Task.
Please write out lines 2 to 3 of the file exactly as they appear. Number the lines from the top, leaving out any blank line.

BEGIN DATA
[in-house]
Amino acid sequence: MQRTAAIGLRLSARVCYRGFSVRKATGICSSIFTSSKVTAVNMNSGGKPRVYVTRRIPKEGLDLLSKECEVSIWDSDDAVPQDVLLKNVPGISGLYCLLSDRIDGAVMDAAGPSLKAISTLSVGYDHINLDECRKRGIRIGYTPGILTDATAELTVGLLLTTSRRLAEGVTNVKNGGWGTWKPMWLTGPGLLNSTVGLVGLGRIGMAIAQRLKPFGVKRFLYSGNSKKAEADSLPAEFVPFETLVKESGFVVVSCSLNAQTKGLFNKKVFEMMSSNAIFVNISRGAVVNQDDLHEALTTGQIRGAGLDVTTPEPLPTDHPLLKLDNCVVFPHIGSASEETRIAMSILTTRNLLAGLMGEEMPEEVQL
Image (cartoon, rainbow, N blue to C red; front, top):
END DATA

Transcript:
Amino acid sequence: MQRTAAIGLRLSARVCYRGFSVRKATGICSSIFTSSKVTAVNMNSGGKPRVYVTRRIPKEGLDLLSKECEVSIWDSDDAVPQDVLLKNVPGISGLYCLLSDRIDGAVMDAAGPSLKAISTLSVGYDHINLDECRKRGIRIGYTPGILTDATAELTVGLLLTTSRRLAEGVTNVKNGGWGTWKPMWLTGPGLLNSTVGLVGLGRIGMAIAQRLKPFGVKRFLYSGNSKKAEADSLPAEFVPFETLVKESGFVVVSCSLNAQTKGLFNKKVFEMMSSNAIFVNISRGAVVNQDDLHEALTTGQIRGAGLDVTTPEPLPTDHPLLKLDNCVVFPHIGSASEETRIAMSILTTRNLLAGLMGEEMPEEVQL
Image (cartoon, rainbow, N blue to C red; front, top):